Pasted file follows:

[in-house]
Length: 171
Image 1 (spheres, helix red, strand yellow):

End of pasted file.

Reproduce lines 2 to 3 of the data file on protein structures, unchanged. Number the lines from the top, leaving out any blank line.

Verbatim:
Length: 171
Image 1 (spheres, helix red, strand yellow):